So both parties – and their leaders – stand to benefit. But Canadians are more likely to believe Trudeau and the Liberals get much more out of this agreement than Singh and the NDP by a factor of three to one. Though one-quarter of past NDP voters say Singh won more concessions than Trudeau, more (49%) say the opposite. Three-quarters (76%) of those who voted for the CPC in September say Trudeau was the clear winner:

*Smaller sample size, interpret with caution

 

Part Two: Looming challenges

How long can it last?

The confidence-and-supply agreement is not an ironclad contract. Singh said if the Liberals don’t hold up their end of the bargain, the NDP can remove support for the minority government. Before 2025, Trudeau can also choose to ask Governor General Mary Simon to dissolve Parliament, as he did in the summer to trigger the September election.

B.C. Premier John Horgan pulled that maneuver in his province in 2020, ending the B.C. NDP’s confidence-and-supply arrangement with the Green Party a year early by calling an election. The B.C. NDP ended up with a majority.

Canadians are more inclined to say the deal will not go the distance until 2025 than will. While three-in-ten believe the federal NDP-Liberal co-operation will last the full length of the agreement, four-in-ten (39%) say it will end sooner, three-quarters of whom say it will only last until the end of next year.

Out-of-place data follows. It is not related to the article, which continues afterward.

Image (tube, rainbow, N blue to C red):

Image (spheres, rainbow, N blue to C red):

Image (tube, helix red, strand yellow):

Past Liberal voters are most optimistic the deal will reach term (41%), compared to 31 per cent of past New Democrat voters. Still, more than one-quarter of those who voted Liberal (26%) and NDP (28%) in September believe the deal will collapse by the end of 2023. Past Conservative voters are most pessimistic:

*Smaller sample size, interpret with caution

Defence spending an early test of loyalties

With the support of the NDP in hand, Trudeau and the Liberals will soon table the first budget of their new mandate. It’s expected to be revealed in the first week of April.

The Russian invasion of Ukraine looms large over many matters, including Canada’s spending on defence. Members of the North Atlantic Treaty Organization – a defensive alliance of 30 countries including the United States and Canada, some of which share borders with Ukraine – have been ramping up the pressure on each other to spend more on defence in the face of Russian aggression. Trudeau agreed to a commitment by NATO members to bolster defence spending by June at a recent summit in Brussels. He didn’t offer details, though.